Tuesday, August 15, 2017

Donald Trump news conference on Charlottesville

Donald Trump 8/15/17. Not "off-the-rails" at all. Nearly everything the man says makes absolute sense.

Thursday, August 10, 2017

Sonnets for the Fall of '85

Sonnet for the Second

It was the lamb in me
that took me where I couldn't hold.
Wondered if ready to be sold or cut.
Lost for one who waited only
for the gate that was opening,
making me run through
where brothers are turned in,
idols made to drive you home.
Learning at first how to get rid
of things that couldn't be
brought down. The road where gates
are opened, bottles hid, floors
laid on and finally left.
It was for a second the lamb learned.

Sonnet for the One In Between

You would never leave
The gate would not close
on wanting no belief
Not would you stray
Convincing never works
Only ropes are torn
if you reveal the charmed
Chairs will never work
like before we made them love
Alleys are fun for riding
Gates must be closed
The departure was waited on
The door never closed because
no one will ever know how lies we told.

Sonnet for the Third

With the third I got what was overheard.
Taking from others was already learned,
the second I saw my hand steal away lucky
and the third could be reeled in like stars
wished on. Some nights make you see the
lights on dreams you wanted to leave. Easy
comes from wanting, plainly took the step.
Denying made no harm, it only made it run to
third. None read long enough then to ever
let the wanting easy wished on star to be reeled
in, ever. With the third to take the stars
the steps the long way. Learning to leave
with one still waiting, learning again to steal.
Learning the first brought the third.

Sonnet for the Fourth

Long dreaming and wishes might finally
lead to the edge where running into
a world you made can be no more
drinking for the needed, ages don't
count and eyes look a thousand years.
Never with hands did you lay, only
names were said when love needed to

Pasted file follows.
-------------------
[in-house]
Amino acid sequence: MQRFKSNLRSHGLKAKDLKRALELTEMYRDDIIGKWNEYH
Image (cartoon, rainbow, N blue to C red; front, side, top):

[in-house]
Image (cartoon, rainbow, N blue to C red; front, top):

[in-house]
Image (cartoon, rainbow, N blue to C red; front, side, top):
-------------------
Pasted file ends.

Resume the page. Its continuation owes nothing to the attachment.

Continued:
be gone, one never knew the leap needed
or the hand used. It all was older than
my head, so then I reached where running
into worlds you made can be dry and hardly
ever held for much. The hard axe handles
were found, and hardly ever held for much.
What was needed held much more.

Sonnet for the Fifth

Never reaching over the fence
Already knowing what is wanting
There is where the drive must be
taken for the long way waited.
The fall left ready for the jump
to take you over. The look through
the shadow went through the board,
wholes were sought, and seeing made
me wait for the jump or the fall
that pulled me through the fence.
Not through the gate, the way they
said would make you dead.

---SSB at 28

Small Faces - Itchycoo Park

It's all too beautiful.

Monday, August 07, 2017

Patti Smith--Rock 'N' Roll Nigger (with Babelogue intro)

In 1980, 2 years after this song, Patti Smith left NYC to live the life of a housewife in a Detroit suburb for the next 15 years. She didn't make it back to NYC and her art until after her husband died. All this fantastic wordplay and angst and braggadocio meant nothing personally, though the world (the kids that listened at the time and were inspired) is ultimately better for it.

At 52, Three Types o' Nights

(1) 40% of the time, I come home from work (a semi-intellectually-satisfying and semi-good-paying job) and work further on my Joan Crawford website until about midnight or 1am.

Of the other 60% of the time:
(2) 40% is spent coming home and collapsing numbly on the couch and watching (usually) Bravo then, post-midnight, C-SPAN3 until I fall asleep.
(3) The other 20% is spent with a book, TV on in the background, until I fall asleep.

10 years ago, at 42 (2007), I was in New York City. And I was also spending about 40% of my nights working on Joan (the only thing that gave me a sense of security, continuity), the other 60% just lying around worrying about finding work, also with TV on in the background. I don't remember reading much.